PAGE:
Nostalgia City Mysteries

Mark S. Bacon

Tag Archives: Joe Trona

Mystery writer T. Jefferson Parker: from ‘Laguna Heat’ to ‘Silent Joe’ and beyond

Silent Joe
T. Jefferson Parker
Hyperion reprint edition 2002   416 pages
Mass market paperback $7.99

I have a signed copy of Laguna Heat, T. Jefferson Parker’s first mystery novel.   It was a gift from a friend. My wife and I were living not far from Laguna at the time and it was a huge treat to receive the book. Everyone in Orange County was talking about it.

A few years later I met Parker when he was a speaker at an unusual college course on forensic science. In class, Parker talked about his book, his background as a newspaper reporter and some of the details of writing a good mystery story.

Here’s Parker’s first sentence in Laguna Heat: “A perfect morning in a city of perfect mornings; an artist would have worked, a god would have rested.” On his blog he says he was proud of that sentence.   But it was the next two Silent Joesentences, especially the metaphor at the end, that I remember:

       “The convertible slowed as it approached the stables, then pounced from the road onto a gravel driveway. Its headlights swung left-to-right, acute angles filling with dust, while gravel popped under the tires like grease in a skillet.”

            Laguna Heat was a hit. It became a TV movie starring Harry Hamlin, Jason Robards and Rip Torn. Parker’s career was set. Since that time, he’s written 20 novels and picked up three Edgar awards. Silent Joe earned Parker his first Edgar in 2000 and it does not take a detective to see why the first-person novel about “acid baby” Joe won the award. If you’re looking for a place to acquire a taste for T. Jefferson, this is a good starting point.

Joe Trona is a 24-year-old Orange County Sheriff’s deputy assigned to jail duty. Many evenings, he serves as driver and often guard for his adopted father Will, a kind-hearted but dishonest county supervisor. The extent of his dishonesty, albeit with mostly good intentions, is exposed slowly to Joe throughout the novel. One evening as Joe is escorting his father Will on an errand that includes rescuing a young girl who apparently has been kidnapped, Will is trapped and murdered in an alley while Joe looks on, unable to dispatch all of his father’s attackers.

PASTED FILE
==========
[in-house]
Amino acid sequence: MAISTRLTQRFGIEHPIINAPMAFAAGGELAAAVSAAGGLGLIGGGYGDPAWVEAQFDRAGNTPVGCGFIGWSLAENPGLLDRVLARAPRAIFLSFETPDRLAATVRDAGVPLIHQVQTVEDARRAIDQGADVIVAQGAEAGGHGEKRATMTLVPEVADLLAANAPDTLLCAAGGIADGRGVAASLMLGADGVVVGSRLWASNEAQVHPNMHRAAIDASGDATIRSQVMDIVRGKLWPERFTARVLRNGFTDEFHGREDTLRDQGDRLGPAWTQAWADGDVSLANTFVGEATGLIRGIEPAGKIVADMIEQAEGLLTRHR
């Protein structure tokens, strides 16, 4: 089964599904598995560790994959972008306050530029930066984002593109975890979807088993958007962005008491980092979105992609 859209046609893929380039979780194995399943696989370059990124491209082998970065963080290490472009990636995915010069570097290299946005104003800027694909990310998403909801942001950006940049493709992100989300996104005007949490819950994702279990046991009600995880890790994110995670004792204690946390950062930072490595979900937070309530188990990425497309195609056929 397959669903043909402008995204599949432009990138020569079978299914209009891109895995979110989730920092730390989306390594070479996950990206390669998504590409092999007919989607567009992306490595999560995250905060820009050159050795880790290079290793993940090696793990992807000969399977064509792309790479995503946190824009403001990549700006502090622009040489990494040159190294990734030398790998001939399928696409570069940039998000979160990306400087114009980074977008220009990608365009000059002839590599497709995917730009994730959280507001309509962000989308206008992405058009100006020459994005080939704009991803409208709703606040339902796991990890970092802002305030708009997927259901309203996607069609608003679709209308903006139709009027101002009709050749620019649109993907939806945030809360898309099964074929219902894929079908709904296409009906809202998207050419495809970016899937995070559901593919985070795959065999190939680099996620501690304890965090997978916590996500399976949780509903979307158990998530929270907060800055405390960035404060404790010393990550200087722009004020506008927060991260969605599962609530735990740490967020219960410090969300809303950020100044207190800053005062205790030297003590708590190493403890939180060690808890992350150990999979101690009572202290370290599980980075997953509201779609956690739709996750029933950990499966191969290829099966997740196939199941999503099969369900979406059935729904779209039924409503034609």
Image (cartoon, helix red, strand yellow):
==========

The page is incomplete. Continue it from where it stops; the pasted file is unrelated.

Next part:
The balance of the book is Joe’s search for Will Trona’s killers. Along the way, Joe revisits his painful past. His birth father poured acid on Joe’s face when he was a baby, forever scaring him. Five years, later Will adopted Joe from an orphanage, an act of kindness that Joe has never forgotten. When he grew up, Joe went into law enforcement.

When possible, Joe wears a hat pulled low over his face. Parker’s description of Joe’s face makes him sound somewhat like the phantom of the opera.

Double-dealing Orange County politics forms the background for the story. A rich developer and his psycho son, a county department head on the take, the county’s premier televangelist, an odd assortment of inmates and other crooks plus members of Joe’s unusual family populate the novel. But Joe is the star.

He’s a tough cop. He’s muscular and works out regularly, knows how to handle himself and is a skilled marksman. As a result, this could be a Rambo type story with a hard-ass tough-guy protagonist bent on revenge, but Joe is a complex character and the complications in his life lift this story to surprising and rewarding heights.

I marveled at Parker’s creation and wondered if other readers–or reviewers–recognized the subtle, elusive nuances I sensed in Joe. Bill Sheehan, a Barnes and Noble reviewer, said Joe was an “evolving protagonist with love and loyalty issues.” Some reviewers referred to Joe’s intelligence. He is smart and has an eidetic memory. He recalls everything he sees and hears.

But there’s more to Joe. He’s polite–not smart-alecky–and doesn’t swear. He’s slow and introspective; his scars are not just on his face. One reviewer said Joe was “hesitant.” The voice Parker gave Joe, however, is unique in a way that makes other “unique” voices in fiction sound commonplace.

Silent Joe gets more gritty and compelling as it goes along. Joe learns more about his suspects, his parents and himself.   He exchanges barbs with the sadistic jail inmates and also falls in love.

Parker keeps up the pace using staccato sentences and fragments to move the action swiftly in some scenes. He doesn’t neglect metaphors, either. Explaining rush hour traffic he says, “But cars on Orange County freeways at six o’clock move about as fast as cars on showroom floors.”

The novel’s supporting cast–particularly the jail prisoners–from the crazy biker who carried the head of a victim around in a pillowcase tied to his hog for a week to a former assistant DA who planned to go to Tahiti with his family when he got out, fills the story of Joe’s life with fascinating details.

Toward the end of the book, Joe talks to one of his father’s friends, or more appropriately, acquaintances. After the meeting, Joe summarizes his situation and reviews his father’s oft-repeated advice that was possibly Joe’s nascent philosophy:

              “The idea struck me that I was inheriting my father’s friends, as well as his enemies. I just wasn’t positive which was which. I wondered if Will was. You only had to be wrong once.

                               “Love a lot.  Trust few.”


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